Future Ready Flexible Classrooms

I’ve been meaning to write a post about our path down the flexible learning spaces journey and today coincidentally found myself having to write something on the topic for my LEC PLL course. We are 7 months into piloting “flexible” furniture in seven classrooms from VS, Smith, Paragon and Balt. Below is a reflection on how we started and where we’re going next:

It all starts with a concept, based on discussions about what we think we want to do in the classroom. We know that desks in rows do not lend themselves to collaborative learning. We also know that rigid seating leaves students without freedom of movement. Desks and chairs without wheels make reconfiguring spaces quickly a challenge and therefore much less likely to happen often. We know this from observation and conversation. So we collaborate with a furniture distributor that specializes in flexible learning environments in schools. We brainstorm, look at options, examine our spaces, budgets and learning objectives and the results of all of those discussion are turned into 2D renderings.

21stC Furniture 1

Then, after refining the size, shape and layouts based on the 2D renders, because collaboration tables are bigger than we thought or we just can’t fit 34 desks and chairs in the space the way we want, 3D renders are made and we really start to visualize what the space will actually look like.

21stC 3D 1

Once everyone agrees to a layout and equipment list, we discuss finishes. Light table tops show dirt. Dark table tops show dirt. Wood grain table tops show the least amount of dirt. Chairs will get dirty, do we want colors that show it or hide it? Do we want different colors or a standard color that is easier to replace and move from school to school. Once all of these questions are answered, the furniture is ordered and the conceptual becomes reality.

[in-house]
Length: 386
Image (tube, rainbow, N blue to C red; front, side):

21stC Pilot

This is where reality sets in. We learn a lot about furniture. Making the transition from a static, standardized classroom to a flexible, dynamic learning space is a huge leap. Some assumptions are wrong. Both 2D and 3D space is different than the real classroom. Tables could be a little narrower to facilitate groups of four collaboration. Different desk shapes work well for groups of six but not four or five. Chairs with wheels have bigger footprints than we are used to and legs that stick out further into the isles. We find out that trying to add new furniture in with existing furniture makes for tight spaces. Layout is important as well, for movement isles as well as for seat alignment.

We come back, evaluate and start again. This time with the following lessons learned:

  1. Transforming a classroom space is a major disrupting force. One that not every teacher is necessarily ready to take on. Teachers that agree to take on the challenge have to be willing to clear their classrooms of existing furniture but also be prepared to question their pre-existing notions of what a classroom should look like and how they and their students should interact with the learning environment.